Study Shows More Reasons to Add Coconut Oil to Your Diet and Decrease the Consumption of Processed Foods

Study Shows More Reasons to Add Coconut Oil to Your Diet and Decrease the Consumption of Processed Foods

In an article just published in the journal PLoS One (the journal of the Public Library of Science),  the authors describe an experiment conducted to determine if increased consumption of soybean oil (which is rich in polyunsaturated fatty acids), and/or fructose,  might be contributing to the obesity epidemic in the U.S.

Four groups of mice were fed the same amount of calories for up to 35 weeks; however, one group was fed a high fat diet with both coconut and soybean oil; one group got its fat only from coconut oil; one group was fed a diet high in fructose and soybean oil; and the last group was fed a diet high in fructose.

By the end of the study, the soybean/coconut mice experienced a significant increase in weight gain, fatty tissue, diabetes, glucose intolerance, and insulin resistance.  They also developed fatty liver, impaired liver function, and stimulation of genes involved in obesity, diabetes, inflammation, and cancer.

The mice who received the coconut oil alone did show an increase in spleen weight; however, the medium-chain triglycerides (MCT’s) in the coconut oil proved to be anti-obesogenic (i.e. discourage obesity), and anti-inflammatory, and increased insulin sensitivity.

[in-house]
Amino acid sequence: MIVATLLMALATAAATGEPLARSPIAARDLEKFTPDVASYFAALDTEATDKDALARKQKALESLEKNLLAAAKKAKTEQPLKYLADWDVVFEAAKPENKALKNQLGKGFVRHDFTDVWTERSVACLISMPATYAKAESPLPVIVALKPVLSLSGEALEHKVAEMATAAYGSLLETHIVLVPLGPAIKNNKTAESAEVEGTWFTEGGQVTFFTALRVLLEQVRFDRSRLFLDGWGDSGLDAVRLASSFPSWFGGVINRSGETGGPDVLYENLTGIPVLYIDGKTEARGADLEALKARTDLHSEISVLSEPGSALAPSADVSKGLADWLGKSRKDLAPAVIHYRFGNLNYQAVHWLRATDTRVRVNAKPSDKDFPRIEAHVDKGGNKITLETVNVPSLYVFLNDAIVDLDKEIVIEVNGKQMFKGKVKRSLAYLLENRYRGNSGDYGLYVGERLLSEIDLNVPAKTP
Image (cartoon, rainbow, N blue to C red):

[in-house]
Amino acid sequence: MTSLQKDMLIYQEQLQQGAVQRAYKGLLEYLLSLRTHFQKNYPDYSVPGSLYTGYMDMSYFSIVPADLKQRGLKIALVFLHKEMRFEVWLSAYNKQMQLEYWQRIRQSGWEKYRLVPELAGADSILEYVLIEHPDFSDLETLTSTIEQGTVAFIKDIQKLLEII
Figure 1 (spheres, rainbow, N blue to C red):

The high fructose-intake group showed some increase in obesity, but less than the soybean group. They did, however, show a dramatically increased incidence of rectal prolapse (!), which can be related to irritable bowel syndrome (IBS). [Therefore, if you suffer from IBS, elimination of fructose would probably be a good idea!]

The fructose plus soybean oil group showed an increase in kidney weight along with the previously mentioned increase in rectal prolapse.

All “food for thought”!  Soybean oil is everywhere – once you start to read labels, this will become extremely evident. So, once again, the best policy is undoubtedly to eat real food, from single ingredients, prepared at home – and avoid the fructose and soybean oil (which are found mostly in processed foods).  Also, consider adding a high-quality organic coconut oil to your daily intake, such as Physician Nutrients™ 100% Organic Virgin Coconut Oil, available at


These statements have not been evaluated by the Food and Drug Administration.  These products are not intended to diagnose, treat, cure, or prevent any disease.

Back to blog